Apparently one monster trade in the first round is not enough for mock experts looking forward to the 2012 NFL Draft. The Washington Redskins already paid a major price to the St. Louis Rams to move up to the No. 2 selection to grab Robert Griffin III in a trade that shook up the top of the first round. In Will Brinson’s latest, the Kansas City Chiefs will do the same — trading up with the Rams at No. 6 to take quarterback Ryan Tannehill from Texas A&M.
Brinson writes, “That’s right, we’ve got a mock trade compounding a real one. Boom. The Chiefs clearly aren’t in love with Matt Cassel and Ricki Stanzi can’t seem to find the field. The Chiefs can hop the Fins and it only costs them a second-round pick.”
That’s not a bad price on moving up so many picks at the top of the draft, so Brinson is right about one significant factor — a swap of firsts and additional second is a reasonable price. However, that’s where this fantasy likely ends.
The Chiefs have definitely done their homework on the quarterbacks available in this draft, holding private workouts with Brock Osweiler and Tannehill among others with a couple of weeks to go. They have also stated this offseason that they want to improve the competition level at quarterback, with their only move being to sign Brady Quinn as a back-up in Tyler Palko’s spot from last season. That said, it’s hard to see the Chiefs pulling the trigger here.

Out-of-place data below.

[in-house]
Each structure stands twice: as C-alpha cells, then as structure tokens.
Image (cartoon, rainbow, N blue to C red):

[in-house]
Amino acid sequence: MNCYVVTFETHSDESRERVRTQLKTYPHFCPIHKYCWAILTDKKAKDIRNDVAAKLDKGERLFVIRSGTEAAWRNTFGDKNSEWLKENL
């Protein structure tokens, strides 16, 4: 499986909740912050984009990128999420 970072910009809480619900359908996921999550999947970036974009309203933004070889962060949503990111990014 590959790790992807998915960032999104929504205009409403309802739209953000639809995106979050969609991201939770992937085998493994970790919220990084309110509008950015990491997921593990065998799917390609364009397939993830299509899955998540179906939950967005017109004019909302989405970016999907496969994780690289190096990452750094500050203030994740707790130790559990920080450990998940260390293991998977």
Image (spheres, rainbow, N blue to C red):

Tannehill’s stock has been rising as the No. 3 quarterback on the board for most mocks. However, recent draft history is littered with a supposedly hot product falling to the late first or even second or third round (a la Jimmy Clausen, Andy Dalton or Ryan Mallett). The Chiefs still have some positions to upgrade with those first two picks, and Scott Pioli would have to be absolutely convinced Tannehill was his man in the end. Is that even possible at this point?
Everyone describes Tannehill with the possibility of a high ceiling, but it’s all potential at this point and it’s hard to tell how he will translate at the pro level. The Chiefs seem risk-averse enough to make a move like that. Instead, it’s likely the Chiefs will wait on a quarterback, if they take one, in the middle rounds and hope for success with a Kirk Cousins or comparable prospect.